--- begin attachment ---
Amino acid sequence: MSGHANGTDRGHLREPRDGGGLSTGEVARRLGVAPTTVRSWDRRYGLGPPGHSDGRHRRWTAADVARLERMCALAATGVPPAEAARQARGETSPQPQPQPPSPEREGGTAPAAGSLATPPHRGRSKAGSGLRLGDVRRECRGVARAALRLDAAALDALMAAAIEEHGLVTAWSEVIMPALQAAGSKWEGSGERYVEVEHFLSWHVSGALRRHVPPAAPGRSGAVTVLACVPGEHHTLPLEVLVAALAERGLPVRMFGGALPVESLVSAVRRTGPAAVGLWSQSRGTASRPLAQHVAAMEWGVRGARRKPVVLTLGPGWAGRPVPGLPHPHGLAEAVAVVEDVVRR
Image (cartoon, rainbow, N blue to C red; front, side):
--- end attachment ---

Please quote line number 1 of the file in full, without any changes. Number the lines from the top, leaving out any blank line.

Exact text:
Amino acid sequence: MSGHANGTDRGHLREPRDGGGLSTGEVARRLGVAPTTVRSWDRRYGLGPPGHSDGRHRRWTAADVARLERMCALAATGVPPAEAARQARGETSPQPQPQPPSPEREGGTAPAAGSLATPPHRGRSKAGSGLRLGDVRRECRGVARAALRLDAAALDALMAAAIEEHGLVTAWSEVIMPALQAAGSKWEGSGERYVEVEHFLSWHVSGALRRHVPPAAPGRSGAVTVLACVPGEHHTLPLEVLVAALAERGLPVRMFGGALPVESLVSAVRRTGPAAVGLWSQSRGTASRPLAQHVAAMEWGVRGARRKPVVLTLGPGWAGRPVPGLPHPHGLAEAVAVVEDVVRR